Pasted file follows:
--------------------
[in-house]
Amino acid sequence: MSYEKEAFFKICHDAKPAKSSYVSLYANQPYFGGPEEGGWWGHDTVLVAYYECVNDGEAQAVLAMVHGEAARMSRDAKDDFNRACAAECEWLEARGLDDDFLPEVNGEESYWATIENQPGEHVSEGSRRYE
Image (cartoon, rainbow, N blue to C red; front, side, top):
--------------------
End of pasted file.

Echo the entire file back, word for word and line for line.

[in-house]
Amino acid sequence: MSYEKEAFFKICHDAKPAKSSYVSLYANQPYFGGPEEGGWWGHDTVLVAYYECVNDGEAQAVLAMVHGEAARMSRDAKDDFNRACAAECEWLEARGLDDDFLPEVNGEESYWATIENQPGEHVSEGSRRYE
Image (cartoon, rainbow, N blue to C red; front, side, top):